Classic history and presentation: Little League elbow is a common injury, predominantly seen in skeletally immature baseball players. It is also seen with other overhead athletic activities. The pathology can present as medial epicondyle apophysitis in younger children (less than 12 years), and in extreme cases as a medial epicondyle avulsion fracture in older children (aged 12-14 years).
Growth cartilage is vulnerable during childhood, as it is less resistant to stress than the articular cartilage present in skeletally mature patients. In addition to medial epicondyle injury, capitellum osteochondritis dissecans, flexor-pronator muscle mass injury, and ulnar collateral ligament (UCL) injury may be seen.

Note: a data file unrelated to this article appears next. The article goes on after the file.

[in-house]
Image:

- Little League elbow occurs most commonly in the pediatric population, as the medial epicondyle is the weakest structure in the medial elbow in the skeletally immature.
- Age – Incidence among this group is 20%-40%.
- The primary risk factor for skeletally immature patients is overuse with unregulated pitch volume. In one study, when pitchers aged 9-12 years threw more than 75 pitches in a game, there was a 35% increase in elbow pain. When they exceeded 600 pitches in a season, there was a significant increase in elbow pain.
- Poor pitching / throwing mechanics and physical conditioning.
- Throwing despite arm fatigue.